You've probably noticed that we avoid negative posts here at MBG. But with Paula Deen's recent Type-2 diabetes announcement (which she hid for three years while she promoted the very food responsible for her illness!) and subsequent deal with a diabetes drug company -- well, that was just too much to ignore.
Why is this so upsetting?
1. Paula Deen was diagnosed three years ago but didn't announce it until she had partnered with pharmaceutical company Novo Nordisk!
Leave it to Anthony Bourdain to not pull any punches, as he tweeted "Thinking of getting into the leg-breaking business, so I can profitably sell crutches later." Don't kid yourself here, Deen is one smart woman and knew exactly what she was doing with the timing of this announcement.
2. She's opting for pills rather than preventative medicine in the form of food.
Bill Maher nailed it when he said, "Someone has to stand up and say that the answer isn't another pill. The answer is spinach." Deen had an opportunity to push the importance of eating healthy and preventing diabetes, but instead she opted for managing diabetes in the form of a pill and a big pharma payout.
3. Her new "healthy" options are crap.
Paula's new "healthy" lasagna includes cottage cheese, ricotta cheese, parmesan cheese, egg, egg white, mozzarella cheese, gruyere cheese, cheddar cheese, cream cheese and beef. Are you kidding me? Do you think there's enough dairy in there?!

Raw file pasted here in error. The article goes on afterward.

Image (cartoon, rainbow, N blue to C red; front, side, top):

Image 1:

4. She really blew an opportunity to make change.
This is the most upsetting because she had the opportunity to positively change the diets of millions of people. She could've chose to preach the importance of healthy and great-tasting whole foods, but she didn't. Mike Paul tells the LA Times about the missed opportunity:
"She has an opportunity to say, 'Times are a changing, y'all.... There's a way of making something taste good, in a healthier way,'" Paul said. "She could say, 'I used to think that taste was most important, but now I realize that nothing is more important than my family, nothing is more important than to see my grandkids. And I need to be healthy for that. That will always trump taste. I am not going to compromise on good food and flavor; I am going to do it in a healthier way.'"
So there you have it. Hopefully it's not too late for Paula to realize the gravity of this missed opportunity and do something about it.
What do you think?